Investment Analysis of Upland Oak Stands with Sugar Maple Understories: Management for Oak vs. Conversion to Sugar Maple in Iowa and Missouri
Authors: Countryman, David W.; Miller, Helene R.
Source: Northern Journal of Applied Forestry, Volume 6, Number 4, 1 December 1989 , pp. 165-169(5)
Publisher: Society of American Foresters
Abstract:A land and timber expectation value (LTEV) was developed by modifying the Faustmann formula (Le) to allow for overlapping rotations, easy sensitivity analysis, alternative management strategies with different rotation lengths, and a unique initial, existing timber stand. This LTEV establishes a value (i.e., price one can pay) for a parcel of land, existing timber thereon, and management scenario analyzed that will result in a rate of return equal to the selected discount rate. LTEV was then used to analyze management scenarios typical of Iowa and Missouri for oak shelterwood, oak clearcutting, oak underplanting, and conversion to sugar maple. In stands with medium and high initial stand values, which tend to occur on sites that produce higher yields of quality oaks, sugar maple has the largest LTEV if the oak stand is past economic maturity, because of higher carrying and silvicultural costs associated with the oak alternatives. In general, the preferred oak alternatives on these sites were clearcutting, then underplanting, and then shelterwood. In stands with low initial stand values, which tend to occur on poorer sites, where there are lower market prices or where there was poor past management, oak has larger LTEVs than sugar maple. In general, shelterwood was the most economical for oak, followed by clearcutting and then underplanting. If the existing oak stand can be entered before the stand reaches economic maturity, oak shelterwood and underplanting LTEVs can be larger than those for sugar maple, even on the better sites, because carrying costs are offset by stand value growth. When this occurs, the higher final stand value of oak causes it to rank higher than sugar maple. In making the final decision to favor oak or maple, other factors such as landowner values and objectives must also be considered. North. J. Appl. For. 6:165-169, December 1989.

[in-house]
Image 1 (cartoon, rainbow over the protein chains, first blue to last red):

Document Type: Journal Article
Affiliations: Missouri Department of Conservation, Kirksville, MO 63501
Publication date: December 1, 1989
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